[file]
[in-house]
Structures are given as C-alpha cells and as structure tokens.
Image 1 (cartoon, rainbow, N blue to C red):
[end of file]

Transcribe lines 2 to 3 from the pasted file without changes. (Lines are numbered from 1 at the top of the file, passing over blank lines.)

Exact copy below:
Structures are given as C-alpha cells and as structure tokens.
Image 1 (cartoon, rainbow, N blue to C red):